POUNDER DANGLING ON DUQESNE ISLAND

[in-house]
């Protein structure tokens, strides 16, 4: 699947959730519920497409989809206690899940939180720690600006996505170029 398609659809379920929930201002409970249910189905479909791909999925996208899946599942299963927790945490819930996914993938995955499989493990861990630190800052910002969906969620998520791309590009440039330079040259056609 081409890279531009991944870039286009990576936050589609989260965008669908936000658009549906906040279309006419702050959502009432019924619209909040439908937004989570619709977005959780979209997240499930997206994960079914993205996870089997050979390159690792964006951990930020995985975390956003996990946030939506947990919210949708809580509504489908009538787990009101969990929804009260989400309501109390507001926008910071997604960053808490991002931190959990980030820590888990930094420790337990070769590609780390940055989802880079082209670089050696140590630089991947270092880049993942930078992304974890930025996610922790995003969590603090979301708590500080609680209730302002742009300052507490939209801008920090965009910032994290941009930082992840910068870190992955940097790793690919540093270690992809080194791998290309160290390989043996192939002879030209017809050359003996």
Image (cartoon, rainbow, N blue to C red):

The Neddeau family have lived on remote Duqesne Island in northern Ontario since the 1700s, when their Acadian ancestors, brothers Elwood and Ellis, were left there by a mutineering band of explorers. The current family members are Bichon (father and fourth-generation Duqesnian), ’Vangeline (mother and lapsed Catholic from PEI), Elmer (the naïve and sexually frustrated teenaged son) and Eloida and Elène (twin preteen daughters who run around the island and torment their brother). In the CBC documentary series The Neddeaus of Duqesne Island we follow the family through their daily activities, which include a lot of potatoes, a lengthy list of rules that prohibit “pounder dangling” and “mince pickling,” along with their requisite punishments like having water poured down the sleeves of one’s raincoat, and religious rituals that call upon one of their ancestors who seems to have become a saint. The Neddeaus speak with heavy accents (subtitles are provided) and their English is sprinkled with French words plus some words that must be unique to this tiny settlement. According to the CBC Media Centre, The Neddeaus of Duqesne Island was made in the 1970s but was never released, and the oldfashioned CBC logo, plus the soothing voice of the series’s narrator and the traditional fiddle music that opens and closes each episode, certainly attest to that. In a promo video, famous Canadians such as David Suzuki, Graham Greene and even Jean Chrétien talk about when they first saw or heard of this quirky documentary and speculate on why it may have been suppressed. Was the family in the documentary just too weird (or perhaps, feral) for mainstream Canada, or were there hints of incest in the documentary (the son is obviously sexually frustrated)? Whatever your opinion is, you won’t be able to stop watching, because The Neddeaus of Duqesne Island might just be too quirky to be real.